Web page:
AUGUSTA — More than 40 state House Republicans who had backed a measure to provide identification cards for veterans reversed their stance Tuesday to sustain Gov. Paul LePage’s veto of a bill they had earlier supported.

“This was a sad vote that shows how partisanship gets in the way of our work even after a bill receives near unanimous support,” said the proposal’s sponsor, state Rep. Jared Golden, D-Auburn, the assistant House majority leader.

He said “the real losers in this mess are the veterans” who won’t get the assistance they need.

LePage refused to sign the bill last week because, the governor said, it provided only a limited fix for a problem that goes far beyond the need of about 500 veterans in southern Maine to obtain IDs that comply with federal security rules.

Legislators are weighing plans to have state driver’s licenses comply with the Real ID law but haven’t yet taken action.

Golden spent a couple of months working out a solution for the veterans who need IDs to enter a New Hampshire military facility that’s required the new IDs since Feb. 1. He eventually settled on a plan to provide them with U.S. passport cards that would suffice to enter the Pease Air National Guard Base.


The bill initially passed the House by 110-8 margin, well above the two-thirds level required to overturn a veto. It passed the Senate unanimously.

But when lawmakers considered a veto override Tuesday, more than 50 House Republicans sided with the governor and voted to sustain LePage’s veto. Golden said going into it, he wasn’t sure what the House would do.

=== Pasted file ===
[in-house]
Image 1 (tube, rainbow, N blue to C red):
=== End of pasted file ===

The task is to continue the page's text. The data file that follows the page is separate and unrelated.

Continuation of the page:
Golden said LePage’s veto letter “cast enough confusion” to leave Republicans unsure whether they should continue to back the bill.

Golden said the bill offered a “simple win” for everyone with only a small price tag to help struggling veterans. Instead, he said, it fell victim to “political bickering.”

“We shouldn’t turn our backs on Maine veterans,” said Rep. Louis Luchini, D-Ellsworth, the House chair of the Veterans and Legal Affairs Committee.

“The Legislature caused this problem, it is our job to fix it,” he said in a prepared statement. “This bill was a small amount of money that would have made a world of difference in the lives of many Maine veterans.”

Democrats said that even if a Real ID fix is approved this session, it will likely take a year to implement, leaving the veterans with no options until then.

“The real issue is that I have neighbors that can’t see their doctors,” said Rep. Deane Rykerson, D-Kittery.

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